Questions for Peter Pietra, TSA Chief Privacy Officer? Ask now!

Discussion in 'Aviation Passenger Security in the USA' started by Sunny Goth, Sep 26, 2011.

  1. TravelnMedic

    TravelnMedic Original Member

    Sunny - I have some questions but my laptop is at home and most of my TSA stuff is there.

    I would just out of spite and if anything did happen to my luggague i would file suit against that idiot in such a manner that would make him think twice before he ever spoke like that again. you would think TSA dolts would think twice after that CBP officer got his (expletive deleted) handed to him in court (surprised hes not dead cause that stunt he pulled running the kid off the road) and all of his barring of people from the US are now under manditory review.

    Oh i would record all of that and be sure to post it, then as well as file a police complaint for terroristic threats at minimum and there are a few other pieces that could be thrown on top depending on my mood.
     
    AngryMiller likes this.
  2. Elizabeth Conley

    Elizabeth Conley Original Member

    I don't understand how Congress can give the head of the TSA powers the Congress does not possess. Congress can't create laws that don't pass Constitutional tests. How can Congress convey to the head of the TSA, or anyone for that matter, a privilege Congress doesn't enjoy?
     
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  3. AngryMiller

    AngryMiller Original Member

    They did it with a stroke of the pen. The congress critters, for the most part are unfamiliar with the finer aspects of the Constitution.
     
  4. AngryMiller

    AngryMiller Original Member

    Everything will be going up this weekend over here. Name, contact information (TSA phone number) and more details. Mike knows some of it, but from what this person said it looks like TSA really and truly hates adverse publicity of any sort. The only editing done is to remove my company name from tool chest pictures. Everything else is as it was when luggage arrived.

    Funny thing is that he said I was the ONLY person who ever complained about this. That sounds fishy just due to the number of passengers who fly out of that airport on a daily basis. He also said that 95% success with baggage is a good number (which had a side conversation going about that one). This means that out of 1,000,000 pieces of luggage that a fail on 50,000 is acceptable to him. Sorry, but that is a whole lot of luggage to fail on. Whatever happened to fail rates in the PPM (parts per million) range? Why is 100% success rate not possible? He played the sympathy card and alluded to 9/11 both of which fell on deaf ears.
     
    barbell likes this.
  5. Sunny Goth

    Sunny Goth Original Member Coach

    Thanks, you guys! I'm starting to collect them all into an email for EPIC. Hopefully he'll respond to some of them. I'll report back.
     
  6. AngryMiller

    AngryMiller Original Member

    I read of true outrages dumped on the traveling public by TSA and their evil minions. This issue with my tool chest not being locked by a TSO seems trivial in comparison. Perhaps it is too much for a TSA employee to use common sense when dealing with the public. Perhaps Grant Reno (MSP TSA Customer Service) was right that publishing the pictures of that on the web would result in TSA employees engaging in retaliation instead of doing the jobs they are supposed to be doing. Perhaps DHS/TSA is merely another works program that produces nothing and costs much more than it should.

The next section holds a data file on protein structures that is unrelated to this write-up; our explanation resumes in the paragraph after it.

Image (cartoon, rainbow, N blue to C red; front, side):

Because of this I cede the floor to those with much more serious issues.
     
  7. Mike

    Mike Founding Member Coach

    Does this still need to be a sticky?
     
  8. INK

    INK Original Member

    When the final reply is in and it is updated, it will fly to the top of the list. Since the collection stage is over, it might clean up the header area a bit. Your call.....
     
  9. Caradoc

    Caradoc Original Member

    People with common sense don't work for the TSA.

    Thugs, thieves, and perverts work for the TSA.
     
  10. Sunny Goth

    Sunny Goth Original Member Coach

    I'm finally back!

    Here's what I have from the meeting -- which I ended up having to miss. I got notes from one person who was there, and I'll be getting additional notes at the beginning of the week.

    I'm going to DC next week (via train) and I plan on stopping by EPIC to chat in person. I'll get more info then.
    In the mean while, here's what I have.. This came to me in email so I'm posting it as I received it. Some of it is a little out of context for me, and it might be for you too, so I'll get clarification when I see them next week.

    text:
    The technology requires the TSA officer to input whether the person
    is male or female.

    Then the software processes their image based on that information.
    They worked to get the machine to the same level of accuracy of a
    person viewing the image. < I'm assuming that this refers to the stick figures that are supposed to protect our privacy

    The technology is only on the millimeter wave machines. They are
    continuing to work on the Backscatter technology but nothing yet on
    this application. Briefly mentioned the radiation issue. No experts
    to discuss this so we let it go for now.

    The aspect of the TSA screeners and physical searches. They have
    worked to address privacy and issue and reactions to the physical
    search option. He did not speak about other screening options. They
    think the privacy issue was on the person viewing the image.

    The issue is not just the viewing but the image collection and possible
    retention. No way to look at the machine and know what it is or is not
    doing.

    Then he took questions from Transgender Equity Coalition about
    screening and gender issues. He went into detail about transgender
    persons and screening. Means that the changes would not address
    the issues they have with the technology's use.

    The said the same thing about Sikhs who face additional scrutiny
    because of head wraps. It was pointed out that many conservative
    religious communities cover hair. That the communities represented
    by Transgender and Sikhs are shared by many who are not in the
    meeting. Persons with prosthetics, medical conditions or anomalous
    physical characteristics be called into question in public because of
    how the technology works.

    The issues regarding physical contact was channeled into discussions
    around the new application on the technology.

    Collection of data was managed by the airlines directly and not TSA.
    They claim that their is no Privacy Act obligations for airlines. The
    airlines online registration system or reservation TSA questions are
    for Name, Date of Birth, and gender. Any additional information
    requested is the airlines decision not TSA.
     
  11. barbell

    barbell Coach Coach

    Thank you for keeping us posted!

    A single thought, I'll leave it to others to discuss other parts: